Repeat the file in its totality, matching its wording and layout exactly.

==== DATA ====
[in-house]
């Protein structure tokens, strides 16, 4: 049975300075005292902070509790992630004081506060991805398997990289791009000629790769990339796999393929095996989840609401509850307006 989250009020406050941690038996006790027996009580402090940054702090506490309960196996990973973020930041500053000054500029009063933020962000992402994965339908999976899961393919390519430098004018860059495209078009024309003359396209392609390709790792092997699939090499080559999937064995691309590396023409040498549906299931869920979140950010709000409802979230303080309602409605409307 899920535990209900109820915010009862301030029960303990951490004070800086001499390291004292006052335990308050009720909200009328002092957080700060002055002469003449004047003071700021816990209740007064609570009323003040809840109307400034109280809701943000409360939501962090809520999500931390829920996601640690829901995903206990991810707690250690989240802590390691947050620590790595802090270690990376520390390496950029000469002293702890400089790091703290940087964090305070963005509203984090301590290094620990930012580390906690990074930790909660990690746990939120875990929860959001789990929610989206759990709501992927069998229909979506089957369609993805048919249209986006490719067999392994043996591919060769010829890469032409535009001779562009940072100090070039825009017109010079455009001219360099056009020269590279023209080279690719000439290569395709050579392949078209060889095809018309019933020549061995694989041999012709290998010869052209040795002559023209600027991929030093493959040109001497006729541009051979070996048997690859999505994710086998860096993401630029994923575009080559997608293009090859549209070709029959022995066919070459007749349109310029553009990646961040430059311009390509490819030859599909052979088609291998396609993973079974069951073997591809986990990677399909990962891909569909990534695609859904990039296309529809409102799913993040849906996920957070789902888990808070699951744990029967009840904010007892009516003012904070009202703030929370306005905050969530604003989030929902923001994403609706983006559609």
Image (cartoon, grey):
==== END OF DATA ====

[in-house]
């Protein structure tokens, strides 16, 4: 049975300075005292902070509790992630004081506060991805398997990289791009000629790769990339796999393929095996989840609401509850307006 989250009020406050941690038996006790027996009580402090940054702090506490309960196996990973973020930041500053000054500029009063933020962000992402994965339908999976899961393919390519430098004018860059495209078009024309003359396209392609390709790792092997699939090499080559999937064995691309590396023409040498549906299931869920979140950010709000409802979230303080309602409605409307 899920535990209900109820915010009862301030029960303990951490004070800086001499390291004292006052335990308050009720909200009328002092957080700060002055002469003449004047003071700021816990209740007064609570009323003040809840109307400034109280809701943000409360939501962090809520999500931390829920996601640690829901995903206990991810707690250690989240802590390691947050620590790595802090270690990376520390390496950029000469002293702890400089790091703290940087964090305070963005509203984090301590290094620990930012580390906690990074930790909660990690746990939120875990929860959001789990929610989206759990709501992927069998229909979506089957369609993805048919249209986006490719067999392994043996591919060769010829890469032409535009001779562009940072100090070039825009017109010079455009001219360099056009020269590279023209080279690719000439290569395709050579392949078209060889095809018309019933020549061995694989041999012709290998010869052209040795002559023209600027991929030093493959040109001497006729541009051979070996048997690859999505994710086998860096993401630029994923575009080559997608293009090859549209070709029959022995066919070459007749349109310029553009990646961040430059311009390509490819030859599909052979088609291998396609993973079974069951073997591809986990990677399909990962891909569909990534695609859904990039296309529809409102799913993040849906996920957070789902888990808070699951744990029967009840904010007892009516003012904070009202703030929370306005905050969530604003989030929902923001994403609706983006559609």
Image (cartoon, grey):